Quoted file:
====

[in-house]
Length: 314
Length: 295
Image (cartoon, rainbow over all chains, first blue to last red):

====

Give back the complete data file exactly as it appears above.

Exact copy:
[in-house]
Length: 314
Length: 295
Image (cartoon, rainbow over all chains, first blue to last red):